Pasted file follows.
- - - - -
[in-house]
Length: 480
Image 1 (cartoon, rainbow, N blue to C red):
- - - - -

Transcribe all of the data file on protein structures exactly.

[in-house]
Length: 480
Image 1 (cartoon, rainbow, N blue to C red):